Many years ago, I had the opportunity to participate in one of the most beautiful programs of formation and leadership. It was called “Living the Unexpected.” I remember that one of the central moments of this program was a walk to the top of a mountain. Abruptly, at about 2:00 or 3:00 in the morning, while all of us youngsters were sleeping, the program coordinators came and woke us up. That’s when the true adventure of living the unexpected began.
The instructions were clear: we only had to bring, in a small backpack, the things that would be needed for the road. We started a long walk towards the mountain top. Joy and enthusiasm overtook all the participants. Many that had complained for having had their sleep interrupted, now looked enthusiastic and one could feel the adrenaline in the environment.
The road was very dark when we started our ascent towards the peak. We could see how some of the youngsters were starting to change their attitude. The group was starting to disperse. Some who had a fast pace, were separating from the slower ones. Others, who had put in their backpacks some things that were totally unnecessary for the road, were now feeling the weight of everything they were carrying. Soon, a moment came when some of the youngsters could not give one more step forward, perhaps due to their physical shape or because their backpacks were very heavy. I remember a young fellow who approached one of the participants that could not carry his backpack and offered to help carry it. This young fellow now was carrying the weight of both his backpack and that of his friend. I saw others, in very good physical shape, continue to walk without offering any help to those that were tired and faltering at the side of the road, demoralized for not being able to keep up. These youngsters appeared to be focused only on reaching the peak and being declared the winners.
By nightfall it was cold and dark, and some walked in pairs, helping one another. Some others couldn’t keep the pace and were simply left behind. At last, the first group arrived at the top. Some arrived 2 or 3 hours later, either because they were slower or because they were motivating others to continue. One could sense the pain in everyone’s bodies. We were all completely exhausted, but happy for having made it.
After this experience, we got together to do the evaluation and determine who had won. Those that arrived first, were happy as they were sure of their victory. Soon, however, their happiness was squelched when the coordinator said, “To go up the mountain, is the same as going up the mountain of our lives.” The coordinator explained that sometimes we want to have and carry with us so many material things that are unnecessary, but with which we make an emotional connection. These things are not needed and the only thing they do, at certain moments, is weigh us down and overburden us. Other times, as on the mountain, we don’t notice that the person walking by our side, for whatever reason or circumstance needs our help, because we are so focused on ourselves.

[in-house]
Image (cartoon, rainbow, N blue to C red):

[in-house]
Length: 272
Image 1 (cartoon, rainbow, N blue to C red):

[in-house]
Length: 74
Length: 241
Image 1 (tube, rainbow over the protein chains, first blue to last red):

So how do we win on the mountain of our life? To reach victory, a life in the faith invites us to walk with others, to not be an egotist, to carry only what is truly necessary, and to live the unexpected. After all, at the end of our days, when we arrive at our final goal, Christ will take into account how we have lived. Christ will see our solidarity with our brothers and sisters and our detachment from the unnecessary, and looking at our eyes He’ll say, “Welcome,” Let’s think about and reflect on how we are walking and climbing the mountains of our lives.
Born and raised in the Dominican Republic, Deacon Franklin came to know Christ as a child thanks to his grandfather, Nicasio Mejía. Nicasio introduced Franklin to the spiritual life and the doctrine of the Catholic faith. Because of this, Franklin was a very active member of the Salesian youth groups in his community from a very young age and, as he grew older, he received training to become a youth leader.
Upon arriving in the United States, Franklin worked for the Hispanic Youth Ministry in the Archdiocese of Boston organizing sports tournaments, youth leadership training programs, and an outreach ministry dedicated to visiting youth in prison. Deacon Franklin’s passion for evangelization led him to Catholic Television, where he was the host and producer of “Good News.” His desire to evangelize through the media was inspired by Pope John Paul II, who encouraged the Church to use all media to present Christ to others.
Ordained in 2014, Deacon Franklin was assigned to Sacred Hearts Parish in Malden and he continues his work at the Catholic Television Network, Boston in charge of the production of The Holy Mass.
He has been happily married to his wife, Wendy, for 18 years and they are the proud parents of Gabriel Andres, 17 and Isabella María, 13.